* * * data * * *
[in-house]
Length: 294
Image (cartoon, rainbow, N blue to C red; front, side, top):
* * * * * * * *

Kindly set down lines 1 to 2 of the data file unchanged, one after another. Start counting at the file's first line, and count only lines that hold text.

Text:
[in-house]
Length: 294